How I do it: Updating apps on Android

There was a time, many, many years ago, when an update to a software I’m using was the most exciting thing ever. We’d run around and exchange floppy disks and then CDs just to get our hands on the latest. This was a time when there were no mobile apps, no app stores and the internet was just becoming mainstream.

Today, an app update notification is infuriating enough to make me want to smash my phone or, at the very least, uninstall that app. But neither of those is an option, so I’ve begun to use this ‘system’ over the past few years that helps me deal with this overload of updates.

First, I turn off automatic app updates. I think this is one of the worst things Google (and, well, Apple) has done. It’s discomforting to get your existing, working application(s) be replaced without knowledge by new ones, because they could be completely different and confusing, they could actually have less features, or maybe I just haven’t used a particular app in so long, it doesn’t matter if I have the latest version or not (eg. Facebook). Also, I have at least three Android devices, so all the common apps would get updated three times. And that’s not even counting the devices belonging to other members of the family. And all the desktops and laptops. You’re now getting an idea of what I’m going through.

With automatic updates turned off, they’re not getting downloaded automatically and eating into my home internet FUP quota, but I still get notifications of new updates. I’d love to do away with that, but I’m presently not willing to completely be in the dark about it.

One way I go about this is only manually updating apps I really am excited to use new versions of (eg. Tapet, QuickPic, WhatsApp, Play Newsstand). I ignore the others which I don’t use (eg. Google+). This saves some bandwidth and I know I’m getting the latest and greatest of my favoritest apps.

Another way I’ve done it in the past is to check the actual release notes to see if there’s actually anything really new or if it’s just a bugfix. If I’ve not personally encountered an issue with an app, I don’t see the reason to download a 20-50mb new, bug-fixed version. If I face a problem at a later stage, I can always upgrade then. This doesn’t, however, work with apps by stupid developers like the ones at Twitter, who push out updates almost weekly, but leave the release notes empty. Some developers at least make an attempt—albeit half-hearted—to just say ‘bug fix’. I don’t even know why Google allows empty release notes. I mean, if there’s nothing new to mention, then why are you even pushing an update? Occasionally, you’ll find an exclamation-laden line that boasts of a completely new interface or new/old Android version support. Those, I’ll go ahead with. I love the smell of good, real, actual updates in the morning.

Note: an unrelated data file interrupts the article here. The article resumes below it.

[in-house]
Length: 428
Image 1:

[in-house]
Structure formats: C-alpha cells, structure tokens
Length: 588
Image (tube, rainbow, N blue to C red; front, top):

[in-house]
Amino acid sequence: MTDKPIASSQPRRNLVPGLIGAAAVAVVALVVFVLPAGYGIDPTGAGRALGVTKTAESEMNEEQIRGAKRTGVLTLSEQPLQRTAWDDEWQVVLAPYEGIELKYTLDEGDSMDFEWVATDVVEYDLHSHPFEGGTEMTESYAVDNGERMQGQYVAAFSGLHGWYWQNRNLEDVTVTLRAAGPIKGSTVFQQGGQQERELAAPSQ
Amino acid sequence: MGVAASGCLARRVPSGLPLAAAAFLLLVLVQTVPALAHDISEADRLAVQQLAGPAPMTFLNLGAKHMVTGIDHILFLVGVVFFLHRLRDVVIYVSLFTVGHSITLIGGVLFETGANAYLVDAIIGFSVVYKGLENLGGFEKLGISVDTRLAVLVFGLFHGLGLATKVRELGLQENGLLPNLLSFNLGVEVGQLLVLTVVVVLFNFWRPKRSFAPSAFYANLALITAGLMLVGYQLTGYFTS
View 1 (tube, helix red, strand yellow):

The problem with the above method is that it still means that only the apps I use on a regular basis and/or my favorite apps get updated and the rest lag behind. That’s why, there’s another method I’m trying these days.

The third way I deal with updates is to update them daily in an alphabetical order according to the date. Trust me, there was no simpler way I could have framed that sentence. What it means is that I update the apps that start with the letter corresponding to the number of the alphabet, the number being the date. No, that’s still confusing. I mean that I update apps beginning with the letter ‘A’ (eg. Authy) on the 1st of every month, the letter ‘B’ (eg. BookMyShow) on the 2nd of the month and so on. The dates between 27th-31st are ‘free’ dates, so I can update any app I feel like and/or apps that have names beginning with numbers (eg. 9gag).

This whole waste of time would be avoided if delta app updates (only downloading patches instead of the whole app) were actually happening. I remember them saying they’re starting to do it, but I’m still being asked to download 20-50mb for a simple fucking spelling mistake bug fix.

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